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magazine heralds Mount Currie as one of world's best ski descents



Tired of weekend liftlines on Whistler and Blackcomb?

Well, pack up your skis, your climbing harness and your ice axe and head north to Pemberton.

The small village is on its way to becoming one of the world's top ski mountaineering destinations thanks to an article in a major U.S. magazine.

The article, which appeared in the October issue of Powder magazine, focuses on skiing the 2,500-metre Mount Currie from peak to valley.

"There are few mountains in the world that offer the descent potential of Mount Currie," writes Mitchell Scott, the article's author.

The California-based Powder magazine, which is celebrating its 30 th anniversary this year, has a North American circulation of 250,000.

"Any exposure in a major magazine is great," said Pemberton Mayor Elinor Warner.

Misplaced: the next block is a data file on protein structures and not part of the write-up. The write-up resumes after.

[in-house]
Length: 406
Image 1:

The village recently received funding from the B.C. government through its gateway community program to boost the area's burgeoning tourism industry.

"Mount Currie is part of our backcountry," said Warner.

A descent down one of the mountain's three main drainages offers more than 2,300 vertical metres of hairball skiing on 45- to 50-degree slopes.

"Currie hosts some of the longest and steepest ski descents in the world," writes Scott.

Whistler or Blackcomb mountains, by comparison, each offer 1,500 vertical-metre peak to valley descents, while Blackcomb's popular Couloir Extreme run is approximately 300 vertical metres on a 48-degree slope.

According to the article, the most efficient way to reach the top of Mount Currie is via a 10-minute helicopter flight, which costs "not much more than a Whistler-Blackcomb lift ticket."

Local helicopter operations have noticed an increased demand for their services over the past couple of years.

According to Suzanne Astells of Pemberton Helicopters, the heli-drop business is getting busier each year.

"There are an average of 20 to 30 (helicopter) drops each year," she said.

But Astells said there were only eight to 10 drops last year due to poor snow conditions and high avalanche danger.

"Obviously, (Mount) Currie is not for the faint-of-heart or inexperienced," Scott writes. "Beware of avalanche conditions, be prepared to rappel and carry an ice axe and crampons in case you have to downclimb."

Astells agreed with Scott's assessment.

"It is increasing in popularity," she said. "But it's not for the average tourist."

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